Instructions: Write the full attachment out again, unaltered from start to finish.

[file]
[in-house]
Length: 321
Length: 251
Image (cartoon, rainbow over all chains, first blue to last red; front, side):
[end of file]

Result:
[in-house]
Length: 321
Length: 251
Image (cartoon, rainbow over all chains, first blue to last red; front, side):